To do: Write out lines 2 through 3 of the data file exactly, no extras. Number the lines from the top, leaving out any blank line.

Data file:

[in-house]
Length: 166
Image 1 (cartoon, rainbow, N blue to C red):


Length: 166
Image 1 (cartoon, rainbow, N blue to C red):